The mineral deposits surrounding hydrothermal vents are extraordinarily rich, up to ten times the yield that would be mined on land. And these resources are located in international waters around the world, uncontrolled by any one nation and open to all countries. This is the very reason that Japan has led with its own survey exploration in the deep waters off Okinawa
The When of Deep-Sea Mining
“We don’t yet know what we need to know,” concludes Cindy Van Dover who in 1982 was aboard the submersible Alvin on the first manned exploration of hydrothermal vents.
“There’s a particular type of research that needs to be done,” says Van Dover. “We haven’t yet studied the ecosystem services and functions of the deep sea to understand what we’d lose.”
Environmental groups like the Alliance of Slowara Warriors have joined with Greenpeace to urge an international moratorium on seabed mining, saying that the environmental impacts are too uncertain. Will marine organisms be smothered by the tailings introduced back into the sea after the minerals are processed? Will disturbing the sea bed release toxic minerals like mercury or led?
Can deep sea mining be delayed? Nautilus Minerals intends to move ahead with their Solwara 1 project in the territorial waters off Papua New Guinea planned to begin in early 2019. And the International Seabed Authority has already granted 27 exploration licenses.
The How of Deep Sea Mining
“This is going to be the world’s first exploitation of these kinds of deep resources,” adds Helen Rosenbaum of the Deep Sea Mining Campaign. Rosenbaum and the Mining Campaign are particularly concerned about the residue of heavy metals stirred up by mining and its impact on local communities and fish. (photo – Nautilius Minerals)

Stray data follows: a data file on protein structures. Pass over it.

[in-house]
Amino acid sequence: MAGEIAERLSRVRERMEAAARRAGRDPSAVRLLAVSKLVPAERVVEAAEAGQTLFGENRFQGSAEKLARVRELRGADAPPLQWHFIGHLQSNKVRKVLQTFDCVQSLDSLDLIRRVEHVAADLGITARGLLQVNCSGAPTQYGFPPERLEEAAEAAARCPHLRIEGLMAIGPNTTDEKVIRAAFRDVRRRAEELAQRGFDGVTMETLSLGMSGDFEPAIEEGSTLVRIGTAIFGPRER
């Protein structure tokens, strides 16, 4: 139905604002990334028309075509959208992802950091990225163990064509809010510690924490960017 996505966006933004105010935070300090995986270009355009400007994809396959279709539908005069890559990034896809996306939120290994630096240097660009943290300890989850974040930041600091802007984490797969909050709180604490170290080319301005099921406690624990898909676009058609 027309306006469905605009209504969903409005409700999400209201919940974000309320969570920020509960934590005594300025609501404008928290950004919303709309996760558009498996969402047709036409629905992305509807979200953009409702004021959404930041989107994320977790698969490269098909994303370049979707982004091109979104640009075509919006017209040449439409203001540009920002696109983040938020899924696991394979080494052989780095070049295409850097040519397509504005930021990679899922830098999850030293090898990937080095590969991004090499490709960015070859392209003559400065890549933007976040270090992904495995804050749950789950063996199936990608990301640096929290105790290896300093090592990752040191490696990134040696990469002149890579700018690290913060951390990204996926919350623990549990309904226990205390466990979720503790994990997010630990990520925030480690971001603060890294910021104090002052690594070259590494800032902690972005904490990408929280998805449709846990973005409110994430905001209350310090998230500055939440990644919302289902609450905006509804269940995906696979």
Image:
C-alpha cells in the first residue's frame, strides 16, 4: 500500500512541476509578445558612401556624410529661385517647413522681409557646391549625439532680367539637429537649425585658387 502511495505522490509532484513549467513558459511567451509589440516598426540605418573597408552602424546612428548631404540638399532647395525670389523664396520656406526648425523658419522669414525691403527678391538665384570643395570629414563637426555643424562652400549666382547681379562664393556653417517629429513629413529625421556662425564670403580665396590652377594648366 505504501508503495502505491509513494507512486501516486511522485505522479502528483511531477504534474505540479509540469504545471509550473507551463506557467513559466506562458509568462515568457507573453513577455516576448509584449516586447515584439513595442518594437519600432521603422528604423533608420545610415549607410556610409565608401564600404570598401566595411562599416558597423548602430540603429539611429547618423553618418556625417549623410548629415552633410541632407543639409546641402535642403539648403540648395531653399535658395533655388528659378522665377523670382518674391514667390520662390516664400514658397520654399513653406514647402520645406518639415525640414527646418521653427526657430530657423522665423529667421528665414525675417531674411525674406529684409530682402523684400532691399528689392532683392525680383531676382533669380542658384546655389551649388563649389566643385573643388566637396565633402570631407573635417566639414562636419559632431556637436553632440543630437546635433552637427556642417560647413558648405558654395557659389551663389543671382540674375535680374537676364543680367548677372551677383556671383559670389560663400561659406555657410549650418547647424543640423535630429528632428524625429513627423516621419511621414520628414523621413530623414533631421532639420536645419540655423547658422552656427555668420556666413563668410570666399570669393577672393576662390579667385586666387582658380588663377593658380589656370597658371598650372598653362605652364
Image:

Protecting the deep ocean ecosystems must include rigorous oversight with clear and enforced regulations. This should include the expansion of the role that the International Seabed Authority plays in policing mining operations.
Another possibility is to dramatically increase Marine Protected Areas to protect more of the open oceans and its sea beds. MPAs now include only about 3% of the world’s oceans and only 1% of international waters.
“Protecting thirty percent of the ocean is a good place to start,” says Conn Nugent of the Pew Charitable Trust. The Pew also stresses the need for “rigorous third-party oversight of deep-sea mining operations, to ensure best practices are followed in disposal of tailings, handling of toxic materials, and minimizing harm to living things.”
“The International Seabed Authority also needs to increase its staffing and resources and should operate with more transparency,” says Nugent. Get all of the basics of Sea Bed Mining from this very informative primer on the Pew Trust website. And from National Geographic.
The International Seabed Authority
Established in 1994 through the UN, the International Seabed Authority is charged with protecting the ocean ecosystems from the impact of mining. They are also responsible for ensuring landlocked countries can share some of the benefits.
By Robert Frerck, Blue Ocean Network